Astron. Astrophys. Suppl. Ser. B[e] stars VIII. MWC Y. Andrillat 1 C. Jaschek 0 0 Observatoire de Strasbourg , URA 1280, CNRS, 11 rue de l'Universite, 67000 Strasbourg , France 1 Laboratoire d'Astronomie, Universite de Montpellier 2 , URA 1280, CNRS, Place Eugene Bataillon, 34095 Montpellier Cedex 5 , France On the basis of spectroscopic CCD material obtained at the Haute Provence Observatory, we provide line identi cations and equivalent width measurements in the wavelength region 4095 − 8935 A of the spectrum of MWC 342. Two hundred eighty emission features are identi ed and eighteen absorption features. Nine interstellar bands could be identi ed. Some of the remaining absorption lines correspond to a B0 type star. The cooler emission lines correspond to a spectrum of an early A-type star. The temperatures derived from both spectral types (29 000 and 9 000 K) are in excellent agreement with the temperatures derived by photometrists. stars; emission line; B[e]; MWC 342; variables stars; peculiar 1. Introduction The object MWC 342 was discovered as an emission line object by Merrill & Burwell (1933) . On the basis of the spectrum, the star was classi ed Be and this classi cation is retained also by Stock et al. (1960) and Perraud (1961) . A description of the spectrum was published by Swings & Struve (1943) , who mention double emission components in the Balmer series, with narrow absorption cores characteristic of shells and numerous emission lines of Fe II and [Fe II]. Andrillat & Swings (1975) provided a description of the near infrared spectrum and Brosch et al. (1978) Send o print requests to: Y. Andrillat, 27ter, rue Adam de Craponne, 34000 Montpellier, France. ? Based on observations obtained at the Haute Provence Observatory (CNRS). ?? Table 2 is only available in electronic form at the CDS via anonymous ftp to cdsarc.u-strasbg.fr (130.79.128.5) or via http://cdsweb.u-strasbg.fr/Abstract.html gave a description of the spectrum in 1974-75 based upon image tube spectra obtained at 75 and 223 A/mm. Allen & Swings (1976) show a spectrum of the star and point out an important infrared excess. The near infrared spectrum from IRAS observations was classi ed by Volk & Cohen (1989) as being of type \U"= unusual. The nature of most of these sources is unknown. Polarization was investigated by Zickgraf & SchulteLadbeck (1989) who found intrinsic polarization and by Yudin (1994) who con rmed the intrinsic polarization and found it to be variable with a period of half the photometric period (66 days). The detailed behavior could be explained by the presence of a compact X-ray source in a binary system. Using data from Amnuel et al. (1979) he found an X-ray source whose position coincides within the error box with MWC 342. Bergner et al. (1990) made a photometric study based upon observations in the U BV RIJ HK bands, whose conclusion can be summarized as follows. A model is proposed in which the star has a temperature of 28 000 K, whereas the temperatures of gas and dust are respectively 9 000 K and 800 K. The spectral type of the star should correspond to B0-B0.5 on the ZAMS. With a visual absorption of 2.1 magnitudes, a distance of 1.1 kpc is obtained. A long term photometric variability of 132 days is also found, which seems to be related to the variable polarization. In no band the variation over the period is larger than 0.65 magnitudes. The aim of the present study as well as of others of this series is to provide a complete line identi cation based upon the largest possible wavelength region, as well as a description of the spectrum and a comparison with previous work. 2. Material The star was observed at the Haute Provence Observatory (OHP) of the CNRS in 1997. The wavelength regions and dates of observation are given in Table 1. The observations were made with the 152 cm telescope, in July 1997. The spectrograph used was Aurelie (see Gillet et al. 1994) with a Thomson 7832 double bar detector, with 2048 photodiodes (750 13 ). The grating used had 300 grooves/mm, blazed at 6000 A. The original dispersion is 33 A/mm, with a resolution of 1.3 A, equivalent to 65 km s−1 at 6000 A. Calibrations were made with a tungsten lamp for flat eld and in wavelength by means of a hollow cathod of thorium and argon for the blue and the red and thoriumneon for the near infrared. 3. Line identi cations These were made in the traditional way, paying attention to both wavelengths and line intensities within the multiplets. The identi cations were made with the help of the table of Moore (1959); for Fe II we also used Johansson's (1978) compilation. In addition we have used the Meinel et al. (1969) catalogue, for lines which we could not identify (see notes to Table 2). On our spectra are present 270 emission features. The complete list of identi cations is given in Table 2. Parts of the spectrum are reproduced in Fig. 1. 4. Emission lines As mentioned before, we have measured a total of 270 emission lines and identi ed 251, i.e. 93%. Of these, two thirds correspond to Fe II and [Fe II]. The elements present are discussed in what follows. { Hydrogen. Unfortunately we have only H , Hγ, H and H of the Balmer series. H is a broad line, about 6000 km s−1 wide at the continuum level, H is 2400 km s−1 wide and Hγ 1100 km s−1 wide. The H line is too near to the plate limit to be able to say something meaningful. No line has an indication of a P Cyg structure. The Paschen series is visible up to n = 28, with a clear progression from n = 25 downwards. The emissions are sharp and narrow at our resolution and show no trace of underlying absorption lines. { Helium. Lines of the 3S, 3D, 1S and 1D series are present, but not of the 1P0 series. The lines are sharp and in single emission, except 6678 which shows a P Cyg structure, with a separation between absorption line and emission line peaks of 170 km s−1. { Carbon. Ionized carbon is present with lines from M.2 and 45. { Oxygen. Neutral oxygen is represented by lines from M.1, 4, 10, 21, 22, 23 and 34. Lines from M.1 of [O I] are also present. { Nitrogen. Neutral nitrogen is well represented by lines from M.1, 2, 3, 8, 9 and 21. { Magnesium. Neutral magnesium is represented by lines from M.2, 8, 11 and 22, whereas singly ionized magnesium is present with lines from M.4 and 8. { Aluminium. Singly ionized aluminium is perhaps present with lines from M.3 and 21. { Silicon. Ionized silicon is represented by lines from M.2, 4 and 5. { Calcium. Ionized calcium is represented by lines from M.2 which can be seen only through the deformation of the Paschen progression. { Titanium. Ionized titanium is represented by lines from M.41, 50 and 82. There exist also lines of [Ti II] from M.15. { Chromium. May be present with a line from M.30. { Manganese. Ionized manganese has lines from M.13, 19 and the line at 8783. We regard the presence of this element as dubious. { Iron. Ionized iron is represented by many lines from M.25, 27, 28, 37, 38, 40, 41, 43, 46, 48, 49, 55, 72, 73, 74, 186, 200 and 211. Also [Fe II] is represented by many lines from M.3, 4, 6, 7, 13, 18, 19, 20, 21, 33, 34, 36 and 39. { Nickel. Ionized nickel may be represented by two lines from M.9. In summary we have evidence for the presence of species of 11 elements, whereas the presence of three more elements must be regarded as doubtful (Al, Cr and Mn). 5. Comparison with other authors; spectroscopic variability The most extensive work on this star was performed by Brosch et al. (1978) who identi ed the following elements: H, He I, O I, [O I], Mg II, Si II, Fe II and [Fe II]. They remark that few [Fe II] lines are present and that except for [O I] no other forbiden lines are seen. Another point is that they were unable to see absorption lines. Although part of Notes: The rst column provides the observed wavelength, the second the equivalent width, the third the theoretical wavelength and the last the identi cation. IB = interstellar band; Herbig = Herbig (1975) ; Sanner et al. = Sanner et al. (1978) . this may be attributed to their low resolving power, the absence of Ca II in absorption is striking. Furthermore Kuhi in 1976 quoted a number of higher Balmer lines in absorption (Brosch et al. 1978) , which in Brosch appear in emission. Since on our spectra we are limited to > 4095 A, we see only H , Hγ, H and H in emission, so that our spectra agree with the description by Brosch et al. (1978) . A further point of agreement with their description is that we see no other forbidden emissions except those of [O I] and [Fe II]. The di erence is that we see many lines of the latter species, although none has an equivalent larger than 0.80. We may also compare with the verbal description by Swings & Struve (1943) . They found double emissions in the Balmer series, with R V and deep absorption cores, characteristic of shells. These features extend at least up to n = 13. They observe also strong permitted lines of Fe II, all of which are somewhat di use but show no duplicity; the strongest Fe II lines have P Cyg type pro les. Mg II is weakly in emission, Si II 4128 − 30 absent and Ca II shows a relatively weak interstellar absorption line. Several moderately strong emission lines of [Fe II] are also present. From the descriptions, we see that changes in the spectrum of the star have taken place. Due to the lack of coverage of the star, we are however unable to establish when these changes took place. stellar bands, whereas the remainder is composed by lines belonging to a hot star. Among the interstellar lines we nd those corresponding to NaI (M.1) and K I (M.1) which cannot be resolved into components due to lack of resolving power. We can thus not decide if they come from the interstellar or from the circumstellar medium. If the observed equivalent widths of the interstellar lines are taken at face value, we can use Herbig's (1975) relation between strength and B − V color excess to derive an estimate of the latter. From four features, we derive 0.41 0.48 which speaks in favor of a rather low value of E(B −V ): It should be added that the large uncertainty attached to our result is quite natural when dealing with equivalent width-color excess relations. Brosch et al. (1978) had found a value of 0.5, whereas Bergner et al. (1990) found 2.1. However all values have a rather large uncertainty attached. Among the lines attributable to the hot component, we nd lines belonging to CIII and O II. Such lines are observable in stars of spectral types between O 7-B 0.5 (C III) and O9-B3 (O II). As a compromise we adopt a spectral type of about B 0. Nothing can be said on the luminosity of the star, since both elements show a positive luminosity e ect. The spectral type found agrees well with the 28 000 K star found by Bergner et al. (1990) . 7. Emission line spectrum 6. Absorption lines We have listed in Table 3 all absorption features appearing in our spectra. Half of them belong to well known interThe emission line spectrum is produced in the shell and because of the presence of C II, Mg I and Ca II it corresponds probably to an early A type star. This would correspond to a temperature of about 9 000 K, which can be compared to the 9 000 derived photometrically by Bergner et al. (1990) . Observe also that no He II lines are observed, which are the habitual signature of an X-ray source. 8. Analogies with other stars studied in this series We have remarked that the lines of [Fe II] are weak and this characteristics makes the object to stand out among the others studied in this series where [Fe II] lines tend to be strong and numerous. The [Fe II] weakness is only paralleled by HD 50138, where one also nds numerous but weak [Fe II] lines. Acknowledgements. It is an agreable task to thank Mr. Ph. Moreau from the Haute Provence Observatory for the reproductions of the spectra of Fig. 1. Allen D.A. , Swings P.J. , 1976 , A &A 47 , 293 Amnuel P.R. , Guseinov O.H. , Rakhmimov Sh . Yu ., ApJS 41 , 327 Andrillat Y. , Swings J.P. , 1975 , ApJ 204 , L123 Bergner Y.K. , Miroshnichenko A.S. , Sudnik I.S. , et al., 1990 , Astro zika 32 , 203 Brosch N. , Leibowitz E. , Spector N. , 1978 , A &A 65 , 259 Herbig G.H. , 1975 , ApJ 196 , 129 Gillet D. , Burnage R. , Kohler D. , et al., 1994 , A &AS 108 , 181 Merrill P.W. , Burwell C.G. , 1933 , ApJ 78 , 87 Perraud H. , 1961 , J. Obs . 44 , 149 Sanner F. , Snell R. , Vanden Bout P. , 1978 , ApJ 226 , 460 Stock J. , Nassau J.J. , Stephenson C.B. , 1960 , Hamburger Sternwarte , Warner & Swasey Observatory , Vol. 2 Swings P. , Struve O. , 1943 , ApJ 97 , 194 Volk K. , Cohen M. , 1989 , AJ 98 , 931 Yudin R.V. , 1994 , Proc. IAU , Coll. 151 , Greiner J. , Duerbeck H.W. , Gershberg R .E. (eds.). Springer Verlag, p. 227 Zickgraf F.J. , Schulte-Ladbeck R .E., 1989 , A &A 214 , 274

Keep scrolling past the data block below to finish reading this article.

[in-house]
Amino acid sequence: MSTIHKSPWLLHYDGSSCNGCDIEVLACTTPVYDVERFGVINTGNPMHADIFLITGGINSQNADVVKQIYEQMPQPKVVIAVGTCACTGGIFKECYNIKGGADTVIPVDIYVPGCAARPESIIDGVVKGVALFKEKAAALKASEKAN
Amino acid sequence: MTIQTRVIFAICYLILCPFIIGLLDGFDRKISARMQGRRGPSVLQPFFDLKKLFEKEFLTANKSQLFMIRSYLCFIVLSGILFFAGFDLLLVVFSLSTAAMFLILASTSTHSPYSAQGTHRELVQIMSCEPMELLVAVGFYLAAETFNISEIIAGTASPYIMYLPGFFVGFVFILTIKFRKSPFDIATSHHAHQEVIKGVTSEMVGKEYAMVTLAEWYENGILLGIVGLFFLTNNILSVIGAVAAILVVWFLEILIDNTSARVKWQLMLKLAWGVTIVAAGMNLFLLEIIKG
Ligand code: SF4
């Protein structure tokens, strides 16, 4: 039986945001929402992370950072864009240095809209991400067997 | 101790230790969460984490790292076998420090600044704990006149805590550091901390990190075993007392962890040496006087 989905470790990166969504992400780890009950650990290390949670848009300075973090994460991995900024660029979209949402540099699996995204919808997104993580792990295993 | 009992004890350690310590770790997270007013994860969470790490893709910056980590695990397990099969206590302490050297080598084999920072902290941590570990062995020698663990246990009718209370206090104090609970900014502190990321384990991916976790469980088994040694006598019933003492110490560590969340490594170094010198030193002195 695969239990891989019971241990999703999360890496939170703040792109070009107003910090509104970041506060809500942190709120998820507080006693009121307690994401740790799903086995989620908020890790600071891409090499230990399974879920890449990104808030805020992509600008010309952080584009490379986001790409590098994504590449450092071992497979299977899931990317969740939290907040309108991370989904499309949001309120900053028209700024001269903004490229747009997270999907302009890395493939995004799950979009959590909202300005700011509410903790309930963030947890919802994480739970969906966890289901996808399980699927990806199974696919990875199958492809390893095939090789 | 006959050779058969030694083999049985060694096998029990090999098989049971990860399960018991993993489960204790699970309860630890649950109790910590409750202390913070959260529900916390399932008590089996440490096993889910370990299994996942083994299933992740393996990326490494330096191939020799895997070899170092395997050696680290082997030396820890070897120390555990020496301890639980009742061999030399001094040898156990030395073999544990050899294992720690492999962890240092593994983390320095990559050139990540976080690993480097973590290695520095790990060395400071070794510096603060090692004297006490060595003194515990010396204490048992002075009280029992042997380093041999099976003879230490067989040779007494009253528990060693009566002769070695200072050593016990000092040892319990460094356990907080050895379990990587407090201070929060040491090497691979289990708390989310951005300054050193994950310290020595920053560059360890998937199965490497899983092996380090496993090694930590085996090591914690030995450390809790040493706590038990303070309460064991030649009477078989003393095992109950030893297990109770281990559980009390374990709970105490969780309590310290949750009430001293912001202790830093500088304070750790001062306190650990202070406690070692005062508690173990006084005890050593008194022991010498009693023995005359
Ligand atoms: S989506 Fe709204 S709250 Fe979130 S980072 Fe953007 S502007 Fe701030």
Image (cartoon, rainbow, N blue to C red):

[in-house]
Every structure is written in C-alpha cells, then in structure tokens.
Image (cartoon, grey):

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Y. Andrillat, C. Jaschek. B[e] stars - VIII. MWC 342, Astronomy and Astrophysics Supplement Series, 59-63, DOI: 10.1051/aas:1999461